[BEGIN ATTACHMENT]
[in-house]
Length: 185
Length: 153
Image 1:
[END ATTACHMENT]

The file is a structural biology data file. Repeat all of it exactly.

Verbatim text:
[in-house]
Length: 185
Length: 153
Image 1: